No one wants it to happen, but sometimes even the best of us end up on the wrong side of the law. This week’s article will be the first of a series that details the criminal law process.
Usually, a person enters the criminal justice system at the time of arrest. In a typical traffic stop arrest, the defendant is stopped by the police for a reason. The police should have a rational basis for the traffic stop; this usually involves moving violations, vehicle violations like missing lights or heavy tint, or erratic behavior by the driver or passenger in response to a police presence.
Once the stop is made, the police can generally detain and search the occupants of the vehicle so long as the search is done in the furtherance of officer safety. Searches can escalate depending on other circumstances such as the officer detecting evidence of drugs by its odor or by noticing that the occupants seem to be under the influence of drugs.
If an arrest occurs, the person becomes part of the criminal justice system. The defendant will be taken into custody, searched, and fingerprinted. At this point, a “mug shot” is usually taken. The judge (or in some instances a law enforcement official) may set the bond for release from jail.
Bond is the requisite amount of money needed to be posted to secure the defendant’s appearance at trial. The greater the flight risk a defendant presents, the greater the bond will be until the point at which the judge considers the defendant too great a flight risk and renders a decision that no bond can be posted.
Bond can be made in a variety of ways, but the most common is through the use of bail bondsmen. The bondsman provides the bond to the court and charges the defendant around 10% of the bond amount. This is commonly referred to as bail. If the defendant shows up at the trial date, the bondsman retains the 10% fee paid by the defendant. If the defendant does not show, then the bondsman is liable for the entirety of the bond unless he can secure the defendant’s appearance at court.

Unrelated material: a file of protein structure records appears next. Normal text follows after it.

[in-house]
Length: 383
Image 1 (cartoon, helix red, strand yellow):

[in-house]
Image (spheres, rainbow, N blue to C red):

Next week’s article will address what happens when the defendant enters the court system.
The following language is required pursuant to Rule 7.2, Alabama Rules of Professional Conduct. No representation is made that the quality of legal services to be performed is greater than the quality of legal services performed by other lawyers. This web site is designed for general information purposes only. The material contained in this web site does not constitute legal advice, and is not guaranteed to be correct, complete, comprehensive or current. You should not act or rely on any information contained on this site without first seeking the advice of an attorney. The information presented on this site should not be construed to be formal legal advice, nor the formation of a lawyer/client relationship. The only way to become a client of the firm is through a mutual agreement in writing. Any e-mail or other communication sent to the firm or any of its lawyers through this website will not create a lawyer/client relationship and will not be treated as confidential.